Dr. Elaine Barfield
Assistant Professor of Pediatrics
Publishes Research on Fecal Microbial Transplantation (FMT) in Children
Dr. Barfield and colleagues describe their experience at WCM with performing fecal microbial transplantation (FMT). FMT is the transfer of stool from an individual with a healthy combination of gut bacteria to a patient with an abnormal make up of gut bacteria, known as dysbiosis. FMT has been used in patients with recurrent and refractory Clostridium difficile infection and is known to be effective in the treatment of recurrent Clostridium difficile in both adults and children. While there is more literature available on FMT in the adult population, more and more pediatric centers are performing FMT in children at this time.
“Going to the Bank: Fecal Microbiota Transplantation in Pediatrics” Elaine Barfield, MD, Lesley Small, MD, Lauren Navallo, MD, Aliza Solomon, DO Clin Pedatri (Phila) 2017 DOI 10.1177/0009922817721159. View at: http://journals.sagepub.com/doi/abs/10.1177/0009922817721159
Dr. Nelson Sanchez
Assistant Professor of Medicine
Publishes Research Study in Journal of Career Development
Dr. Nelson F. Sanchez, Assistant Professor of Medicine and Chairperson of Weill Cornell Medicine LGBT Steering Committee recently published findings from a research study describing medical students’ and residents’ perspectives on academic career interests. In the latest issue of Journal of Career Development, the article entitled “Attracting Diverse Talent to Academia: Perspectives of Medical Students and Residents,” details the findings of this study. A mixed methods study was conducted among medical students and residents yielding 643 surveys and 121 focus group participants. Data suggest that career counselors, prehealth advisors, and educators need to provide culturally responsive services that address the unique experiences of racial and ethnic minorities, while recognizing the intersections with gender identity. The research highlights differences and similarities by gender and racial/ethnic identity in factors influencing trainees’ interest in an academic career. These findings can aid in the development of programs to expose and engage a larger pool of trainees to academic careers and assist in current efforts to diversify the academic medicine workforce.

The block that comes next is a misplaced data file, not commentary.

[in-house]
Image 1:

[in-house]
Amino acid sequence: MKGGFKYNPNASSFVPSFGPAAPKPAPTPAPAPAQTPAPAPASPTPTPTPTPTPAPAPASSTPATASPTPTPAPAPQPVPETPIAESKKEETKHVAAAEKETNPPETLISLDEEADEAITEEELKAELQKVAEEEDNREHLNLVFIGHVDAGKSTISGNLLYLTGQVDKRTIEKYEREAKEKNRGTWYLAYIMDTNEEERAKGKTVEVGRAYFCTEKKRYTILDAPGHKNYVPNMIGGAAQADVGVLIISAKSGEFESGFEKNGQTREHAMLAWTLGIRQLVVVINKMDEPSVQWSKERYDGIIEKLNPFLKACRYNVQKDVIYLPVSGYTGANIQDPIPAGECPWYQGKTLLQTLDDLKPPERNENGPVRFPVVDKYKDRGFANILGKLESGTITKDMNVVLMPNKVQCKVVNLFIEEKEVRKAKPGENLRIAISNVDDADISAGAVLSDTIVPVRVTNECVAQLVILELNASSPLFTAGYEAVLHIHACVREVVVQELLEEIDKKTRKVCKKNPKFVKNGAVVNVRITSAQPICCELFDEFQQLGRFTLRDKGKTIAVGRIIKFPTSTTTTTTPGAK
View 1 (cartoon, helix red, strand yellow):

To read Dr. Nelson Sanchez’s publication, please visit this link: http://journals.sagepub.com/doi/pdf/10.1177/0894845317709997